UNICEF in Yemen (Photo)

"Around 700 health facilities have started receiving the second phase of the minimum service package and the medical equipment in different governorates in . More than 14 million people including children will benefit this new supply from ," March 14, 2019.

Dear Western students,

We understand that exams, assignments and various school related initiatives may have occupied your time. But there is a major humanitarian crisis in Yemen which has affected the nation, causing a massive famine. UNICEF Western would like to bring to your attention the continuous conflicts in Yemen which have worsened due to the growing disagreements within the country.

In attempts to bring about stability in Yemen, long-time leader Ali Abdullah handed power over to his deputy Abdrabbuh Mansour Hadi in 2011. Unfortunately, Yemenites are still experiencing political corruption, unemployment, Jihadist attacks and mass food insecurity. The food insecurity is caused by a naval blockade preventing food from entering the country. Jihadists have seized Saada and neighbouring areas in Yemen. This conflict intensified in March 2015 causing the US, UK, Saudi Arabia and France to militarily support a strike on Houthis in order to reinstate Hadi’s government. This civil war has reportedly killed 10,000 people including 4,800 civilians, and is causing 400,000 children to suffer malnutrition. Furthermore, 85,000 children have died due to the continuous attacks which have demolished numerous water and sanitation systems.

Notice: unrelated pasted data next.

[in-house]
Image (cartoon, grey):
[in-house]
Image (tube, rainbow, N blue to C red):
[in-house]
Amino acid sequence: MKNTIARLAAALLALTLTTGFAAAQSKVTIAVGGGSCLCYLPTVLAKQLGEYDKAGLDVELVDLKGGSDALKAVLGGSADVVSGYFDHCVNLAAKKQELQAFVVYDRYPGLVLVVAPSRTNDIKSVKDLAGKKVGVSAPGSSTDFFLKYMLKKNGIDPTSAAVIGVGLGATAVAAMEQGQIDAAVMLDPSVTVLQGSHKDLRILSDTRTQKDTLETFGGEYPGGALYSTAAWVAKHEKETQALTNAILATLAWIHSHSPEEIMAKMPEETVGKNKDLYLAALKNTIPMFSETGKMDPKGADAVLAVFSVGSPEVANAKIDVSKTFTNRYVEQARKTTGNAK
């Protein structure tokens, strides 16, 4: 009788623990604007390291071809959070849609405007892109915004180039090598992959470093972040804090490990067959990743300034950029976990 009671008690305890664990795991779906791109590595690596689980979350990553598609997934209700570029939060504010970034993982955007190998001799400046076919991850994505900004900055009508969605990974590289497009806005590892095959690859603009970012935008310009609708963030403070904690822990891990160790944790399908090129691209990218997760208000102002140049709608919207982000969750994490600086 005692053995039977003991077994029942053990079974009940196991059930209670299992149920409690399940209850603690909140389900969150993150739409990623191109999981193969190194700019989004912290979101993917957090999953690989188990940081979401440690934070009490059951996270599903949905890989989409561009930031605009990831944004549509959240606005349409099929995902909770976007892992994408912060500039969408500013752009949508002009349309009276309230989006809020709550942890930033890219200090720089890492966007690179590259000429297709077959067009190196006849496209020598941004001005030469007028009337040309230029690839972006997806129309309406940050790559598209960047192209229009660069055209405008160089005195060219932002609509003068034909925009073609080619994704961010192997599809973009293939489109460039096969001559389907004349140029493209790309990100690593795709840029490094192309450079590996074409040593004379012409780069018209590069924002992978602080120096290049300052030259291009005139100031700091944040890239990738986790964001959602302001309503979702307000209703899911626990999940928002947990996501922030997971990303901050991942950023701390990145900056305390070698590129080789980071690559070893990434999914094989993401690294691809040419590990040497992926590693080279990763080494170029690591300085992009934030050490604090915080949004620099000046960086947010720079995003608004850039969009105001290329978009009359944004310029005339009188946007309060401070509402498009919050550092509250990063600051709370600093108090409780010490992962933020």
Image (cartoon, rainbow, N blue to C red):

To create awareness, we have an event called FAST 24; an ongoing humanitarian program that seeks to use fasting as a way to create a sense of urgency. This year UNICEF Western will be focusing on the tragedy of the war in Yemen. Yemenites suffer extreme scarcity of food due to the blockade that has prevented food from entering the country, and which led to a serious famine. We have seen this as a serious humanitarian crisis, and we ask Western University and affiliates to fast with us for 24 hours as we raise funds to provide aid for the Yemenites.

— Bridget Ofosu, third-year student and vice-president of education portfolio; Mica Andreano, second-year student and co-director of education portfolio; Valentina Torres, fourth-year student and co-director of education portfolio


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